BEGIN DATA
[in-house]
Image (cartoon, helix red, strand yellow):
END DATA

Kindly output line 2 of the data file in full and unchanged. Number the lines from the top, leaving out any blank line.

Image (cartoon, helix red, strand yellow):